By Rep. Mike Yantachka
The daffodils and hyacinths are finally blooming in the yard, the ground isn’t quite as soggy as it was last week, and May is upon us. Ironically, unemployment is at depression-level highs around the world as a result of the COVID-19 pandemic.
Here in Vermont, the infection and hospitalization levels have been well-controlled as a result of steps taken early by Governor Phil Scott under the direction of Health Commissioner Dr. Mark Levine and State Epidemiologist Patsy Kelso. The curve has been flattened, allowing some easing of restrictions on outdoor work like landscaping and construction, as long as physical distancing and hygienic guidelines are observed. And the difficulty many Vermonters who tried to apply for unemployment benefits experienced should now be easing with additional personnel staffing the Department of Labor. Anyone still having a problem should contact me to see if I can help.
The legislature finally met in session using Zoom to approve the change to House Rules allowing us to vote remotely and to pass several key bills related to the health crisis. The change of rules required a 3/4 majority approval to take effect, and the vote was unanimous by the 147 legislators in attendance. With that approval, the House took up four bills pertaining to changes in the law for the duration of the COVID-19 emergency.
These bills provide for the administration of the Pandemic Unemployment Assistance program, which relates directly to independent contractors and others who are self-employed, permit remote execution of a will and notarization of documents without having to be in direct contact with other people, and provide our State Treasurer with tools to proactively manage State and local cash flow needs. We expect to hold more floor sessions in the weeks ahead. You can watch recordings of House meetings, and live floor sessions, by following our legislative page on YouTube.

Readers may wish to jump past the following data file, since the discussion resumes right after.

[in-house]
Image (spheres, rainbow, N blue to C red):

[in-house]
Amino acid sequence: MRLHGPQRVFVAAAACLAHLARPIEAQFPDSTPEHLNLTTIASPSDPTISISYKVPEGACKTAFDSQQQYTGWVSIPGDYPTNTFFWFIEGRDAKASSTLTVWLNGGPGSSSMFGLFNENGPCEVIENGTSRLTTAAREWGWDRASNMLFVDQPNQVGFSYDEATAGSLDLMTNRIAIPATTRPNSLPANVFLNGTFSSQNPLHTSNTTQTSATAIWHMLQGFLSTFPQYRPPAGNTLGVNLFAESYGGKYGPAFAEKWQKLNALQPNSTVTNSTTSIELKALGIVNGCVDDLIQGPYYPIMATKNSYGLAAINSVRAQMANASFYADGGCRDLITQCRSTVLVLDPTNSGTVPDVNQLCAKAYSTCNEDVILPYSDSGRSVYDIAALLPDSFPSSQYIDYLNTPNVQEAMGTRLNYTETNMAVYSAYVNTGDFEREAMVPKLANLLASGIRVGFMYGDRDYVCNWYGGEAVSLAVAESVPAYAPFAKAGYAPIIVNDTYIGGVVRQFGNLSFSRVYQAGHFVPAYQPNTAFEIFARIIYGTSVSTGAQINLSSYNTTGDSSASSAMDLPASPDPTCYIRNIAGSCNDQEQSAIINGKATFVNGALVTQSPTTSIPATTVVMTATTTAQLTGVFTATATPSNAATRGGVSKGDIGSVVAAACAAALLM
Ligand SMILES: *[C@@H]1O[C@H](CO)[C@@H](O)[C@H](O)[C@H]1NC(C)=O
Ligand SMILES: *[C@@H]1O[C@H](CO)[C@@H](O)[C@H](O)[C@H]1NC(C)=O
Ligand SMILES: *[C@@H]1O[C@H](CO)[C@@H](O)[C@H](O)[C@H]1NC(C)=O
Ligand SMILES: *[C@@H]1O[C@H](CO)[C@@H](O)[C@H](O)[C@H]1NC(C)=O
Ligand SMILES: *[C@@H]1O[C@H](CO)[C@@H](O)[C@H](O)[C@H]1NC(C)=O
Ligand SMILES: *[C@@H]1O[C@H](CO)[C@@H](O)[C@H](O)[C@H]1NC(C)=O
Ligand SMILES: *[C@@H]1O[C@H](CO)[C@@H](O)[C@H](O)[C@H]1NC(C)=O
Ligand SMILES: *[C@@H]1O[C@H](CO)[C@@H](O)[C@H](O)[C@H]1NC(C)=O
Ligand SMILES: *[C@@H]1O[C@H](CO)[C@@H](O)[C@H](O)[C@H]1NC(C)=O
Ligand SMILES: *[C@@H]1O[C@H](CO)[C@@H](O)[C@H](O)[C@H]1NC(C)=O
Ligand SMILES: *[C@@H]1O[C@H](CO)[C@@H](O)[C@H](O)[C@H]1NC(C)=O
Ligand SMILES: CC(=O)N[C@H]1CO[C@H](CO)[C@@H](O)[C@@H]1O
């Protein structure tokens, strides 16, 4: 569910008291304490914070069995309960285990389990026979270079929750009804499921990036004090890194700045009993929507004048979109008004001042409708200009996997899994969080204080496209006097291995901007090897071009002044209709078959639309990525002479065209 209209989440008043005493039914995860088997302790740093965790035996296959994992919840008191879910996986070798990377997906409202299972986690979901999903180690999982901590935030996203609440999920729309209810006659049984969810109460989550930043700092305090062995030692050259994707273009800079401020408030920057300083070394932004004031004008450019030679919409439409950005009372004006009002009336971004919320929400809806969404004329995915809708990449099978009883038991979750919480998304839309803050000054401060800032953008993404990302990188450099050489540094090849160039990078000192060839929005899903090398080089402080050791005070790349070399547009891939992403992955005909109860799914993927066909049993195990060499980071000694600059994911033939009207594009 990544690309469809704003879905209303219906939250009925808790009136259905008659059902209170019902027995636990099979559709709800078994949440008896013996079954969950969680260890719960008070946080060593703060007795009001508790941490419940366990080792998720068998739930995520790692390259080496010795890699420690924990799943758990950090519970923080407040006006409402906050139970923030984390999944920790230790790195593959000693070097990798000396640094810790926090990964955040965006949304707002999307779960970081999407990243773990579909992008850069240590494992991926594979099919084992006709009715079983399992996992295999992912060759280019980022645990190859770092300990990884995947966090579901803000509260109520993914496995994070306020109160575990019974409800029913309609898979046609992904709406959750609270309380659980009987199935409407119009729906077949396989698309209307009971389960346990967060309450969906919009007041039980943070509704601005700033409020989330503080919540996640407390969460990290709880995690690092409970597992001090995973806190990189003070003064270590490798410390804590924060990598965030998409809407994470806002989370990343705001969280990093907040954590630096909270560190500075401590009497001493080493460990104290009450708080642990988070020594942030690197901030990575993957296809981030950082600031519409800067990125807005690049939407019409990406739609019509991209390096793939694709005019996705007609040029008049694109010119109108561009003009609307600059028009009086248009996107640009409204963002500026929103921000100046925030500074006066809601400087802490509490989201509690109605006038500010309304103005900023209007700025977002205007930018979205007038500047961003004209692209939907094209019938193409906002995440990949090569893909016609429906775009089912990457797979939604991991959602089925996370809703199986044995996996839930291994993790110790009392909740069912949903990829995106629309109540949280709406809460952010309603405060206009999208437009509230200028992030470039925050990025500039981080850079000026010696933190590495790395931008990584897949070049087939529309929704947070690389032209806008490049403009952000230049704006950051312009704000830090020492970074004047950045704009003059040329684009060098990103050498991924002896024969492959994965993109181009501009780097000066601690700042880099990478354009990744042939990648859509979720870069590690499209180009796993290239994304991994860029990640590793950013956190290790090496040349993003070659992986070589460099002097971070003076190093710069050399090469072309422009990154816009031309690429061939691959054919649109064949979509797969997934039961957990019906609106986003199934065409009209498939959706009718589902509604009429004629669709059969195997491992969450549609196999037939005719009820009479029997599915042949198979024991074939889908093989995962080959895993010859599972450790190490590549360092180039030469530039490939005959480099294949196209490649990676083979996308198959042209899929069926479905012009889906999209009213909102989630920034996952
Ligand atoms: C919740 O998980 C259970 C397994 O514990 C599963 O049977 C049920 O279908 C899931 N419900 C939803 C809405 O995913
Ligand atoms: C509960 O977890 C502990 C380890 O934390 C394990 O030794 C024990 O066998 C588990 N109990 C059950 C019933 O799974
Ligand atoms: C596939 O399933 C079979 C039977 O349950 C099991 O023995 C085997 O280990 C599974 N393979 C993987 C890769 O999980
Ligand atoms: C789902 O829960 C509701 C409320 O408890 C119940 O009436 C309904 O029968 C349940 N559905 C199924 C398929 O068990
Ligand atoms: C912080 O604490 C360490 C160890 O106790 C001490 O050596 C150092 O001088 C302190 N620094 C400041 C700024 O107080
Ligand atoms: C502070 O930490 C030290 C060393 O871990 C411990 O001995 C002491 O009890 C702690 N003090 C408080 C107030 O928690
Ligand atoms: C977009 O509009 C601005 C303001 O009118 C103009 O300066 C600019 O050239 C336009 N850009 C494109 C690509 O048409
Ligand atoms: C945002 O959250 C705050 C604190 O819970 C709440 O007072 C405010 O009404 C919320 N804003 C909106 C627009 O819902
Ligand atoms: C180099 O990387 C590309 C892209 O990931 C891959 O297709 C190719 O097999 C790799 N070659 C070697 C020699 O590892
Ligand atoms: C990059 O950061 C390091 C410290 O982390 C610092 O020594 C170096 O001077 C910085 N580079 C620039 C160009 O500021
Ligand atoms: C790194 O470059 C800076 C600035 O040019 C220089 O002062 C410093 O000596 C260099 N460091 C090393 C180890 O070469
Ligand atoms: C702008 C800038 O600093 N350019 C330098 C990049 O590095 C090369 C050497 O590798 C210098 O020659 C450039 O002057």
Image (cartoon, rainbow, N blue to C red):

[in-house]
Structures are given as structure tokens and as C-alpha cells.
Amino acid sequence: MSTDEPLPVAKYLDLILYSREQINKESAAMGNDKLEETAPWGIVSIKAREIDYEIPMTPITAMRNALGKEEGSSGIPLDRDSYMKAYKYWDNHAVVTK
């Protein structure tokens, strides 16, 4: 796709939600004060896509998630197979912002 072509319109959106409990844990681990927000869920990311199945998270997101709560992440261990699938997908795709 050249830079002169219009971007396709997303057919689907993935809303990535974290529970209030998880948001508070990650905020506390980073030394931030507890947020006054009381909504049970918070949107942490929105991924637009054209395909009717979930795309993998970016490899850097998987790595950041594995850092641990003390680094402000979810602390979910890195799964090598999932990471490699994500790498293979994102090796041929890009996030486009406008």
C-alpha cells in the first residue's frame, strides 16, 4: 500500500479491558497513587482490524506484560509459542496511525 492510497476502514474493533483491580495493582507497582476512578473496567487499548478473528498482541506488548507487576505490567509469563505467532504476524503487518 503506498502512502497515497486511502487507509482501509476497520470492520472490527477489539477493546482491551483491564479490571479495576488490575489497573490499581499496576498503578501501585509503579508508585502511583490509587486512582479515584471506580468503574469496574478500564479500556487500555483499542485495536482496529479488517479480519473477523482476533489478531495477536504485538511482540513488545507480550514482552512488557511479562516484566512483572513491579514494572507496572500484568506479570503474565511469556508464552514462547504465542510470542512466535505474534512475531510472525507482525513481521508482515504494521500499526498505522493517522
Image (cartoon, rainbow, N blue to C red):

This is an unusual session for many reasons, not the least of which is the uncertainty of the financial future. The economic fallout will certainly reduce revenues coming into the state from income and corporate taxes, sales and use taxes, and transportation fuel taxes. Since all sales and use taxes now go into the Education Fund, there will be less money to support the school budgets that have been passed. There is also a lot of uncertainty about what aid the federal government will provide to the states. As the legislature adapts to all this uncertainty, we will work to pass an interim budget that will get Vermont through the first quarter of the next fiscal year (FY21). The plan is to adjourn in late May or early June and return in August to pass a more complete budget for FY21.
In the meantime, the proposed closure of three Vermont State College campuses last week surprised everyone and created an immediate backlash. While the legislature in recent years provided less funding for the VSC system than requested, its costs have mounted, and the current crisis has exacerbated the deficit. The backlash by students, faculty, the public, the governor and legislators caused the proposal to be withdrawn. The legislative leadership of the House and Senate have committed to taking a serious look at VSC configuration as well as funding. VSC must provide an affordable and accessible opportunity for post-secondary students across Vermont to get a college degree.
I will be hosting a Virtual Town Hall via Zoom this Friday, May 1, at 6:00 p.m. Send me an email if you want to participate. I am happy to help in any way I can if you are having difficulty accessing state services. I welcome your emails or phone calls at (802) 233-5238. This article and others can be found at my website.